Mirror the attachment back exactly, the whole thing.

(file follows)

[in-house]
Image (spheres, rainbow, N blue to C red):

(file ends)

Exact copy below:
[in-house]
Image (spheres, rainbow, N blue to C red):